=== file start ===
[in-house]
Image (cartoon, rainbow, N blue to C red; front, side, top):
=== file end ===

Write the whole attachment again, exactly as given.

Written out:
[in-house]
Image (cartoon, rainbow, N blue to C red; front, side, top):